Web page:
Moira Artigues, M.D., a general and forensic psychiatrist, testified that she had evaluated defendant's "developmental history and the impact that that may have had on him, as well as . . . his affect and demeanor, his face and his manner, and to form opinions about that as well." Dr. Artigues analyzes whether a person has an intellectual disability by examining that person's "background information, in terms of poverty, malnutrition, deprivation, education resources, and medical resources, " "[b]ecause lack in any of those can affect intellectual development in children." According to Dr. Artigues, severe trauma, like that associated with "growing up in a civil war, very poor, and malnourished, causes the brain to wire in a way that's not optimal, and it can certainly affect your IQ as a result of the faulty wiring." As a child in El Salvador, defendant lacked access to medical care, experienced nutritional deprivation, and had no educational stimulation until he reached the age of ten, all of which can affect an individual's brain development and contribute to the development of a low intelligence quotient. Moreover, the experience of growing up during a civil war can result in accumulated trauma over time which can, in turn, lead to the development of post-traumatic stress disorder. In Dr. Artigues's view, a child's attempts to cope "with this chronic trauma and extreme stress" can affect the child's brain development and intelligence quotient.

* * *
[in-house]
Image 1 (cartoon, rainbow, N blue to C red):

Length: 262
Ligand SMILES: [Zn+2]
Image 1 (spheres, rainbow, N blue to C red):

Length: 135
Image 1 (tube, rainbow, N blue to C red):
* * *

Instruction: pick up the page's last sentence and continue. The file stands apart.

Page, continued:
In Dr. Artigues's opinion, defendant was mildly intellectually disabled. In support of this assertion, Dr. Artigues considered the fact that defendant had to make six different attempts to pass his driver's license test after reaching the United States. In addition, Dr. Artiques noted that, while interviewing defendant, he failed to grasp abstract concepts and had difficulty relaying information in chronological order, both of which conditions, in Dr. Artigues's opinion, reflect the existence of an intellectual disability. Dr. Artigues testified that defendant learned how to be a brick mason by being shown measurements marked permanently on a yardstick rather than by utilizing mathematics, with this type of learning limitation being typical of persons suffering from a mild intellectual disability. According to Dr. Artigues, intellectually disabled individuals have the ability to drive motor vehicles, work, marry, and have children. Dr. Artigues believed that defendant's intellectual disability manifested itself before he turned eighteen years of age in light of defendant's school records, intelligence quotient test scores, the results achieved during defendant's psychological evaluations, and defendant's exposure to malnutrition, severe trauma, and poverty. In Dr. Artigues's view, defendant was significantly deficient in functional academics and communication skills. Finally, Dr. Artigues determined that defendant suffered from post-traumatic stress disorder given that he had been exposed to significant trauma during his life, reported having had intrusive thoughts about the traumatic events that he had experienced, and experienced certain specific triggering events.